Now more than ever it’s important to make smart water choices. Using a hot tub is a responsible decision, even during periods of water shortage. When properly cared for, hot tubs use very little water relative to other everyday household activities, and they provide health and wellness benefits, making them well worth the small water investment. In addition, hot tubs use far less water than lawns and gardens and require less water to fill them than most households use in just one day.
Because of the hot tub industry’s importance in California’s economy, it’s important to view hot tubs as part of the solution—not part of the problem.
The typical U.S. household consumes 400 gallons of water per day. The average household loses 10 gallons of water per day due to leaks—that’s 3,650 gallons over the course of a year. Standard toilets use 3-5 gallons a flush. Doing laundry can use 20-40 gallons of water per load.
In contrast, the typical hot tub holds 400 gallons of water. Because that water can last for four months or longer, hot tub water usage averages out to less than 3 gallons per day, or just 1% of total household water consumption.
Many people use their hot tub for therapeutic purposes, including relief from achy muscles, arthritis, and stress. Instead of soaking in baths or taking extra-long showers for the benefits of warm-water therapy, hot tub owners save water by using their hot tubs instead.
According to the EPA, 60% of household water each year is used for lawn and garden maintenance. A properly maintained hot tub uses a fraction of the water used on a typical lawn that’s watered three times a week.
Hot tub households can reduce their total water consumption by replacing long showers and baths with time spent in their hot tub. Reducing showers by just one minute per day will more than offset their annual hot tub water usage.
87% of people shower for relaxation and let the water flow for more than 13 minutes. Hot tub users save water by using the hot tub for therapeutic purposes instead of baths and long showers.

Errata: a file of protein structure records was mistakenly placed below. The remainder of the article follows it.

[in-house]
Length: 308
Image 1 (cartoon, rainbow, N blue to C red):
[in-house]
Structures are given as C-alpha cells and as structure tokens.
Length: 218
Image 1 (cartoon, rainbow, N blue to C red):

People who shorten their showers to five minutes and use their hot tub for warm water therapy can save an average of 2,050 gallons of water a year.
Hot tubs are clearly a water-conscious choice when compared with the 58,000 gallons needed annually to maintain a lawn. People who shorten their showers to five minutes and use their hot tub for warm water therapy can save an average of 2,050 gallons of water a year. In addition:
Hot tub water, once cooled, can be re-used for lawns and landscaping. Any chemicals break down within 48 hours, making spa water safe for plants.
Hot tubs are self-contained, and their tight, energy-efficient covers seal in heat and water, conserving energy and eliminating evaporation by up to 95%. By comparison, up to 50% of the water consumers use outdoors is wasted from inefficient watering methods and systems, according to the EPA.
The pool and hot tub industry is a billion-dollar industry that helps keep California solvent. Water regulation will cost the region manufacturing, retail, service, and construction jobs that will significantly and adversely impact our economy.
The hot tub industry employs thousands of California residents whose incomes rely on hot tub sales.
The sales taxes on sold and serviced hot tubs provide monies for the state’s general fund.
Hot tub retailers, as well as companies who sell, service and provide aftermarket products, would suffer if regulations were to prohibit filling hot tubs.
We understand that this drought is unprecedented, but regulations to prohibit filling hot tubs are not the answer. There is always more everyone can do, including our industry. That’s why we are working with the California Pool and Spa Association (CPSA) on a statewide education campaign. Our Consumer Fact Sheet Hot Tubbers Are Water Wise, which includes Smart Tips to maximize responsible water usage, will help your water district spread the word about responsible hot tub management.
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